Tumbbad (2018) – As Good as Gold

Summer is somehow the perfect season to watch horror films if you aren’t a great horror fan and don’t want to watch them in the dark since the whole day is practically sunlit. That’s my reason for watching all these horror movies now, and not waiting to post them during Halloween. So here is one of the newest horror films from India!


A story is being told of the Goddess of Prosperity and her son Hastar and of a hidden treasure in the Sarkar’s mansion. In 1918 in the village of Tumbbad in Maharashtra Vinayak lives with his little brother and his mother where it’s their mother’s duty to feed the monster living there and she wishes to have a special golden coin to unlock the treasures of Sarkar’s mansion, where their mother works. When tragedy strikes the family leave. Fifteen years later Vinayak returns back to the mansion to find the treasure.


First off, India has a reputation one could say of having more bad horror movies than good ones. That has been the case for many years and though they get the crowd to see the fun times, they are rarely critically praised. But last year this has changed with the arrival of horror comedy movie like Stree, fantasy/fairy tale horror with Pari and then todays period horror film, Tumbbad. All came out in 2018 and in one swell swoop got both critical praise and audience appreciation. Sure, there are still bad horror movies to be had, but the landscape is changing when it comes to these films. Even I am now waiting to see what kind of a new Indian horror film will be the next great thing, or will this be a one year storm of good horror movies before going back to mediocre ones. Only time will tell and 2019 is only halfway done.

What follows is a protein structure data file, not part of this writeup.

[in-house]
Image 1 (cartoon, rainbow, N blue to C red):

The film’s acting is stellar. Sohum Shah as Vinayak is a protagonist who is both a little mad as well as smart and charismatic, as per this kind of folk type stories. Though he is far from a perfect human and his choices make the film sway from black, white to grey morally. The acting of everyone is natural throughout the film, though a few such as Piyush Kaushik go for the melodramatic horror acting in their parts. That may sound like a criticism, but it really isn’t, especially works in a film like this where things are a little more larger than life even though the story itself seems small at first glance.

The biggest strength in this film is its use of music and cinematography. Everything goes together smoothly, making this a movie a feast for the ever diligent eyes. The cinematography is the films biggest asset as it makes the world real and lived in. The more fantastical elements come through with the sound design which adds to the creepiness and uneasiness as well as the mystery of the power of the goddess and her son. The best monsters are the ones we don’t see and this film lives up to it…until it doesn’t, but it’s more unsettling than anything.

After all, it is the humans who are monsters. It sounds cliché, and it is, but what better moral is there in a period horror story set in India where morality is so seeped in to the consciousness of the stories there. Being a period piece, early 20th century India specifically, it adds to the atmosphere as the country itself is surging to be free, while inside monsters still creep beneath the earth, in the womb of all civilisation.

This film is scary if you don’t like tension, dark places and an overall feeling of uneasiness. There are the stable occasional jump scares, but they work and the one who scares you is in the end more terrifying than the jump itself. This is a visually stunning movie that for anyone interested in horror from abroad will love.


Thank you for reading! 

3 thoughts on “Tumbbad (2018) – As Good as Gold

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